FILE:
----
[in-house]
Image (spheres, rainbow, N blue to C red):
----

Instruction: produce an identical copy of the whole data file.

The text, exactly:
[in-house]
Image (spheres, rainbow, N blue to C red):